Posts From Author: charles darwin

The Sea, Inside & Out

Seeing “the watery part of the world” was, for Melville’s Ishmael, a way of “driving off the spleen and regulating the circulation.” One feels it’s probably the same for Philip Hoare. Five years ago, his terrific Leviathan, or The Whale (published in the US as The Whale: In Search of the Giants of the Sea) won the BBC Samuel Johnson Prize for nonfiction. He’s followed it up with another maritime adventure, The Sea Inside — published, appropriately, by the Brooklyn-based Melville House. Between times, he co-curated the Moby Dick Big Read, a series of podcasts featuring everyone from Tilda Swinton to Sir David Attenborough and Benedict Cumberbatch to Fiona Shaw, reading the book chapter by chapter. You could say Hoare loves a whale. Which is why it might come as a surprise to fans of Leviathan that it takes so long for any cetaceans to appear in The Sea Inside. (Like Moby-Dick, actually, at the risk of spoilers.) But fear not! Hoare’s latest is just as magical as his last, and in fact this time round I was easily as roused by the other members of his menagerie, in particular the birds. He has a great eye for social detail. Did you know that the eurasian osytercatcher […]
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Firestarters: Adam Gopnik on Abraham Lincoln and Charles Darwin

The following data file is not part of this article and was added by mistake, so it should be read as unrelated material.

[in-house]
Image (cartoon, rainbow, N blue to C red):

If, like me, you tend to want to know more than you can possibly read about, a sudden urge to learn about, say, Abraham Lincoln or Charles Darwin can be an occasion for despair. The literature on such seminal figures is vast and expanding, like an Everest that’s getting bigger. Or the universe. In short: intimidating. So to come across a book like Adam Gopnik‘s Angels and Ages: A Short Book about Darwin, Lincoln, and Modern Life is a bit like finding that the Himalayan authorities have installed a ski lift just for you. We’re super lucky to have Adam Gopnik joining us for the House of SpeakEasy’s opening gala at City Winery NYC on January 27. A long-time New Yorker contributor and three-time winner of the National Magazine Award for Essays, he has that forensic gift of the great essayist, the uncanny ability to see Aquarius where others see just stars. In Angels and Ages, recognising that his choice of subjects prohibits definitive coverage, he unspools his elegant premise from a single (but fertile) line of inquiry: the debate over what Edwin Stanton said at Lincoln’s deathbed. Stanton was Lincoln’s secretary of war and as close to the president as any man. It was natural that those […]
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